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002.4 Field evaluation of standard diagnostics duo hiv and syphilis test among female sex-workers in johannesburg
  1. V Black1,
  2. V Maseko2,
  3. FW Venter1,
  4. F Radebe2,
  5. S Mullick1,
  6. HV Rees1,
  7. DA Lewis3,2
  1. 1Wits Reproductive Health and HIV Institute, Faculty of Health Sciences, University of Witwatersrand
  2. 2Centre for HIV and STIs, National Institute for Communicable Diseases (NHLS)
  3. 3Western Sydney Sexual Health Centre and University of Sydney, Sydney, Australia


Introduction Point-of-care tests (POCT) for STI/HIV provide immediate results with the opportunity for same day treatment,  counselling and partner notification. Combination POCTs for HIV and syphilis are particularly beneficial for pregnant women and key populations as treating these infections early reduces vertical and community transmission.

Methods We evaluated Standard Diagnostics’ Duo HIV and Syphilis Test (SD bioline) among female sex-workers (FSW) in the inner-city of Johannesburg. SD bioline was conducted on-site using whole blood according to manufacturer’s instructions and compared to Genscreen HIV 1/2 V2 – 3rd and Vironostika Ag/Ab – 4th generation assays for HIV and to the T. pallidum particle agglutination (TPPA) test for syphilis. A Rapid Plasma Reagin (RPR) test was conducted in the laboratory to assist with classification of treponemal disease. Sensitivity, specificity, positive predictive values (PPV) and negative predictive values (NPV) were calculated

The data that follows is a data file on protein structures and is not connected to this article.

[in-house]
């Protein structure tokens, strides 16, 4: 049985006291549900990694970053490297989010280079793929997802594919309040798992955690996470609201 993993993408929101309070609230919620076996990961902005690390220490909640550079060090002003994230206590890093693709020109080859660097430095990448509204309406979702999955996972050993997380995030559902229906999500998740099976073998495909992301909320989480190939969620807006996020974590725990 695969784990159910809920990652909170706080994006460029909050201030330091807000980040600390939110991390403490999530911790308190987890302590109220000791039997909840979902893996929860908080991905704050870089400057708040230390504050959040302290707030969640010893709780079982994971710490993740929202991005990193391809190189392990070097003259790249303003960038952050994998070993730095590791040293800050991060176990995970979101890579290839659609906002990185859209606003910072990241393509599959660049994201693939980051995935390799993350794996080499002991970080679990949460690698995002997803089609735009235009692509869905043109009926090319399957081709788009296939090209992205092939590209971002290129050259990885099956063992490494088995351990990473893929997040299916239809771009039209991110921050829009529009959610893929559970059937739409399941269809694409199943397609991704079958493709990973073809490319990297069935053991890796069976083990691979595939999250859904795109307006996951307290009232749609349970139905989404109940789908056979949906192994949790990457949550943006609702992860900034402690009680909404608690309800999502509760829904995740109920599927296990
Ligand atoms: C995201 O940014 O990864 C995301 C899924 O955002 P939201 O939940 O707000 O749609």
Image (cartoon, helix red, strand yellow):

Participants with HIV were referred to HIV services and those with syphilis were managed according to national guidelines. The study received ethics approval.

Results We recruited 263 FSW, 14 (5.3%) declined an HIV test and were excluded. Among the remaining 249 FSW 187 (75.1%) women were HIV positive and 51 (20.5%) had evidence of syphilis with 7 (2.8%) having active syphilis. For HIV sensitivity was 98.9% (95% CI: 95.8–99.8), specificity was 100% (95% CI: 92.7–100), PPV was 100% (95% CI: 97.5–100%) and NPV was 96.9% (95% CI: 88.2–99.5). For treponemal antibody detection, sensitivity was 66.7% (CI: 52.0–78.9), specificity was 98.0% (CI: 94.5–99.3), PPV was 89.5 (CI: 74.3–96.6) and NPV was 91.9% (CI: 87.2–95.1). Sensitivity increases to 85.7% for active syphilis (RPR > 1:4).

Conclusion Although the SD bioline performs well for HIV diagnosis, the assay has lower sensitivity for syphilis detection in our field setting compared to published laboratory evaluations. Using the test in screening programmes will detect both HIV and active syphilis but will result in overtreatment for syphilis.

Disclosure of interest statement The study was funded by USAID/PEPFAR and AIDS Fonds. SD bioline tests were provided by SD diagnostics.

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